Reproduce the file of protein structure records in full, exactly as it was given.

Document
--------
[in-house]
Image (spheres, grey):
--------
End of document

[in-house]
Image (spheres, grey):